To begin seeing change, heed the externalities
The practice of foresight has always believed in the critical nature of the past. In fact, we believe knowing the past is imperative to see the future that might await us. Our usual approach is to start with a classic PESTLE (political, economic, sociological, technological, legal and environmental) analysis to see the externalities in play. We do this through a semiotic lens. We are looking for signs so that we can speculate about design futures.
Consider the 1980s as an example. On the surface, 2022 seems like a replay of 1982. So many happenings from fashion to pharma feel like déjà vu — whether you lived through the ’80s or not. Yet, there are fundamental shifts from 1982 that can only be understood by looking at the years side by side.
In 1994, the Newsweek staff critiqued its earlier decade. They wrote, “The market magic of the triumphant conservatism of the 1980s did help squeeze out fat and make American business more competitive in the brutal global economy. But we have yet to come to terms with the social costs.”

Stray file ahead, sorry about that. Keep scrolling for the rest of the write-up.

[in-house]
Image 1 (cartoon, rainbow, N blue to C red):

Unfortunately, in 2022, we still have yet to come to terms with the social costs of the ‘80s – but we are finally making headway. The aspirational “trader” archetype spawned in ‘82 by the Baby Boomers and portrayed in movies like Wall Street has given way to a socially aware archetype within Generation Z. A disruptive layer of behavior has pushed in through Gen Z and bolstered by Gen X, the generation once thought of as slacker. Critical policy thinking is coming to the forefront as a layer of fear fades away.
The information presented in this report shows that 2022 is not on the same trend trajectory as 1982. Too many cultural tensions exist for that to happen. However, to have confidence in this cultural evolution, we need to respect even the smallest signals of change.